Pasolini’s Accattone (1961) – Blu-ray review
Here’s the first of two Pasolini Blu-ray reviews this week to accompany my short introduction to Pasolini. This is a typically loving Masters Of Cinema release, with the Rome sunshine looking absolutely dazzling in a pristine transfer, Tony Rayns providing context in an informative commentary and a whole other film (Pasolini’s documentary Love Meetings) to enjoy.
(Pier Paolo Pasolini, 1961)
Raw but romantic, Pasolini’s rewiring of gangster chic makes it the prototype not only for his provocative career but also the American Movie Brats
Think Italian gangster chic began with Coppola and Scorsese? Think again. Pasolini’s debut, made a decade earlier than the Movie Brats’ breakthroughs, followed pimp Accattone and his entourage of criminals and wastrels through their episodic life of scams, dodgy deals and general hucksterism. The wise-talking ensemble crackles with the same camaraderie as Mean Streets, and Coppola even cast Pasolini’s non-professional lead Franco Citti as one of Michael Corleone’s Sicilian contacts in The Godfather.
But before the ripples of Pasolini’s film spread across the Atlantic, it was also a bomb in the Italian film industry, a provocative blend of the neo-realism that had made the country’s reputation and the baroque stylisation then coming into vogue through the work of Fellini. Pasolini was nearly as old as the latter but, just shy of his 40th birthday, was a newcomer to film, having served his apprenticeship as a poet and author. With that life experience, Pasolini sees no boundaries between the real and the dream-like, transforming the coarse subject matter and crude material through vivid cinematography and the ironically spiritual strains of a Bach soundtrack. It’s a film – as Oscar Wilde would put in – living in the gutter but looking up at the stars.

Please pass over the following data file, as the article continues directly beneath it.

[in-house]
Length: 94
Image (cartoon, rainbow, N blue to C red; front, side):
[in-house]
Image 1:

There’s a distinct lack of moral judgement attached to the central character. Accattone is a misogynistic, workshy thug, who is only too happy to send his woman out into the night where she runs the constant risk of being beaten up or arrested, but ask him to do an honest day’s work and he rolls his eyes in self-pitying narcissism. He has abandoned the mother of his children, isn’t beyond stitching up his mates for a bowl of pasta, and the main thread of the plot involves his attempts to sweet-talk innocent girl Stella into walking the streets for him.
And yet, as played by Citti, Accattone is intensely charismatic. His beautiful/ugly features – crooked teeth and pock-marked skin in a rugged physique and fiercely direct eyes – lend Accattone’s posturing real conviction. He’s a man of the streets and proud, and the film offers no real alternative to his lifestyle: there’s no Church, the cops are to be distrusted, and work is arduous and boring. For all the self-inflicted poverty, days of hanging out at bars with your mates, egging each other on with dares, is all there is.
And the film takes wing on this subversive, amoral idea. The locations are a veritable Desolation Row, a waste ground of parched land and shanty houses, but the cinematography (by Tonino Delli Colli, who would become Leone’s go-to guy) has a bleached-out beauty: hard-edged in the shadows it casts, but luminous in the intensity of its light. The compositions, too, gradually shift from forensic close-ups to dainty tracking shots as Accattone meets Stella – who might be his salvation if he doesn’t grind her into the dirt. The only misfire is the rather obvious dream sequence in which Accattone imagines witnessing his own funeral, but Pasolini wasn’t the first or last debut director to make that error.
The end result is just as political as the more overtly documentary-style films of the neo-realists. For starters, consider that this was made the year after La Dolce Vita (a film that Pasolini wrote a rave review of) – and yet this is poles apart from that film’s vision of Rome as a carnival town for playboys and paparazzi. Nobody cares about the men or (especially) women here and even if they find some glimmer of redemption, their options for an honest life are limited. This would mark Pasolini’s love affair with trying to find the sacred in the rough trade, a journey that would take him from Jesus to the Marquis De Sade – and a generation of American directors were taking notes.